UK Prime Minister Boris Johnson has been clear about his determination to deliver Brexit by the October 31 deadline with or without a deal, despite facing strong opposition from lawmakers, including members of his own Conservative Party who oppose a no-deal Brexit.
Since January 2019, the UK Parliament has rejected the divorce deal that was negotiated with Brussels by the Theresa May government three times.
The United Kingdom voted to leave the European Union in 2016 but the withdrawal has been delayed several times. After former Prime Minister Theresa May failed to come up with an acceptable plan to leave the bloc by 29 March of this year, the deadline was moved to 31 October.
Former prime minister David Cameron was interviewed by The Times ahead of the publication of his book of memoirs, “For The Record”, which launches next week; he opened up about the fallout of the UK’s 2016 vote to leave the EU.
The backstop clause issue has been a key stumbling block in London's path to delivering Brexit, as the clause originally designed to prevent the establishment of a hard border in Ireland is feared to be used to keep the UK in the European Union indefinitely.
The three joint legal challenges submitted to the Belfast High Court claimed that a no-deal Brexit would scupper the UK-Irish border peace agreements.
The news comes after the British PM had been offered non-aggression pact by Brexit Party leader Nigel Farage in exchange for backing a no-deal scenario and Tories standing aside in over 80 seats.
Work and pensions secretary Amber Rudd quit the cabinet and resigned Saturday, following in the footsteps of the prime minister’s brother, Jo Johnson, who resigned last week after 21 rebels departed from the Conservative party after supporting what Downing Street calls “Jeremy Corbyn’s surrender bill”.
The upper chamber of the UK parliament, the House of Lords, on Friday approved a bill that would force Prime Minister Boris Johnson to ask the European Union for a Brexit deadline delay. Anshu Srivastava, a member of The Full Brexit group, has weighed up the UK government's options to break the Brexit deadlock.
Brexit Party leader Nigel Farage has voiced his opinion on the idea of an electoral pact with UK Prime Minister Boris Johnson, telling the BBC this week that “if you put the support of Boris Johnson Conservatives and the Brexit Party together, the truth is, in a general election with a clear policy, we would be unstoppable.”
It's been a rollercoaster of a week for the British prime minister, following what was largely a successful August seeing a 10-point boost in the polls for the Conservative Party, the promise of wiggle room on the Withdrawal Agreement by EU leaders, and a trade deal assurance from US president Donald Trump.
Organised by the activist group ‘All Under One Banner’ Scottish nationalists from across the nation gathered in Perth on Saturday to march and promote the case for an independent Scotland in a city that voted to remain in the UK back in 2014.
Britain is a country that has long prided itself on the ages old separation of church and state. Yet, protectors of that convention were likely left slightly alarmed this week after senior Tory cabinet member Michael Gove seemed to suggest that Brexit was a process at the mercy of divine intervention.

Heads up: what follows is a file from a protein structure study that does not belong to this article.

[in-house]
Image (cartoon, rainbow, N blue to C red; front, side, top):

Mr Soames’ comments come on the heels of the veteran MP being kicked out of the Conservative party this week for supporting a bill that aims to see the Brexit deadline extended from October 31st until the year 2020.
On Friday, UK's Prime Minister Boris Johnson said he would use his "powers of persuasion" to win a new Brexit deal at the 17 October EU summit. His announcement came after Labour and other opposition parties had agreed not to support Johnson's demand for a general election before the summit.
Earlier, the House of Commons rejected the prime minister's calls for a snap general election, instead approving a bill seeking to prevent the government from withdrawing the UK from the European Union on October 31 if an agreement with Brussels is not in place.
Boris Johnson has promised to increase the number of police officers by 20,000, following cuts made following the financial crash in 2009 and after the election of the coalition government in 2010.
The news comes after Labour and the Scottish National Party have reportedly agreed to "let the Tories unravel" in a pact. The Prime Minister is also expected to visit the Queen's summer residence at Balmoral Castle in northeast Scotland.
Earlier, London's High Court rejected a legal challenge over Prime Minister Boris Johnson's decision to suspend parliament for five weeks ahead of Queen's speech on 14 October.
Peers conclude the debate regarding a bill blocking a no-deal Brexit in the House of Lords in London on Friday.
UK Prime Minister Boris Johnson's brother, Jo Johnson, announced on 5 August that he would resign as cabinet minister and MP, stating he was "torn between family loyalty and the national interest".
UK opposition parties have agreed to protest against Prime Minister Boris Johnson's plan for a snap election and do not want it to take place before the Brexit deadline date of 31 October.
Johnson travelled to Wakefield on 5 September in order to deliver a speech on the current deadlock in the UK Parliament after it voted against the PM’s agenda to take Britain out of the EU by 31 October, even if no deal is in place.